• Copies of paperwork in regard to: pending lawsuits, wage garnishment, bank levies, foreclosure on real property, or repossession notices;
  • List of all bank and credit union accounts;
  • Record of any interest you have in an individual educational retirement account or under a qualified state tuition program; and
  • Certificate of completion for pre-filing credit counseling.

With the above documents your attorney will be able to complete your bankruptcy petition and schedules, or at least the majority thereof.

Our Bankruptcy Law Firm Offers Free Consultations

All of us here at the Law Offices of Barbara B. Braziel are here to help you end your financial struggle and gain financial freedom. We offer free consultations. Contact us at (912) 351-9000 today!

 

We proudly serve the people of Savannah, GA and the surrounding areas, including Richmond Hill, Hinesville, Pooler, Port Wentworth, Tybee Island, Clyo, Ellabel, Midway, Ludowici, Springfield, Pembroke, Brooklet, and Garden City.

We are a debt relief agency. We help people file for bankruptcy relief under the U.S. Bankruptcy Code.

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Switching Chapters: Converting Your Bankruptcy Case From One Chapter to Another

The two common chapters of bankruptcy that individuals and married couples file are Chapter 7 and Chapter 13. Both offer many of the same benefits, though they operate very differently. Which chapter is the right debt relief solution for you is specific to the facts of your case.

Chapter 7 bankruptcy is generally the quickest form of bankruptcy, erases all or most of your debts, without a repayment plan, and in general allows you to keep most or all of your personal belongings.

Chapter 13 bankruptcy is a reorganization of debts, creates a three to five year repayment plan, and also allows you to keep most or all of your personal belongings. The Chapter 13 repayment plan gives you a chance to catch up on mortgage arrears, missed car payments, back taxes, and other debts. To qualify, you must have a steady source of income.

Switching Chapters: Converting Your Bankruptcy Case From One Chapter to Another

If your situation changes after filing for bankruptcy, you can ask the court to convert (to switch) your case to another bankruptcy chapter. You must meet the eligibility requirements of the new bankruptcy chapter and get court approval for the conversion.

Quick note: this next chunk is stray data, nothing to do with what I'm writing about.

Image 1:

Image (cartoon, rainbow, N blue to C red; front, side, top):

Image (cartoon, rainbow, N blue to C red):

To ask the bankruptcy court permission to convert from one chapter of bankruptcy to another, your bankruptcy attorney will file a motion with the court. So long as you qualify, have good reason to convert your case, and the court believes you’re not using the system inappropriately, then the judge should likely grant your motion for case conversion.

Converting from Chapter 13 to Chapter 7

A Chapter 13 plan lasts for three to five years, depending on your specific case. A lot can happen during that time. If you lose your ability to pay the monthly plan payment, then you may decide converting to a Chapter 7 is best. Or, perhaps you are catching up mortgage arrears in your Chapter 13 plan, and you later realize you truly cannot afford to keep your house, then converting to a Chapter 7 may be worth exploring.

Converting from Chapter 7 to Chapter 13

You may consider switching from Chapter 7 to Chapter 13 bankruptcy for a number of reasons. For example, if the bankruptcy trustee plans to sell property that cannot be exempt (protected) in bankruptcy, you can convert your case to a Chapter 13 and pay for your unexempt property through your plan. Or, perhaps you had a difficult time passing the means test prior to filing and you fear the bankruptcy trustee may move to dismiss your Chapter 7 case.

It is not uncommon for a debtor’s situation to change after filing for bankruptcy, which would warrant a case conversion. Also, in some cases, new information is discovered during the bankruptcy which makes converting the case a wise decision. The bankruptcy court is likely to approve your first request for a case conversion so long as the conversion is done in good faith and you qualify for the new chapter of bankruptcy you’re seeking.